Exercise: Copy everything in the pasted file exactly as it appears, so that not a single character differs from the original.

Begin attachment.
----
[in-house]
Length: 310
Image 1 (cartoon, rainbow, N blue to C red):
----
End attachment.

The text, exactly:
[in-house]
Length: 310
Image 1 (cartoon, rainbow, N blue to C red):